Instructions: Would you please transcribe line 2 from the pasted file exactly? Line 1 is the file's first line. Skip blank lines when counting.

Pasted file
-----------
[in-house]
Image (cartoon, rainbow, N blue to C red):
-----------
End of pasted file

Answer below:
Image (cartoon, rainbow, N blue to C red):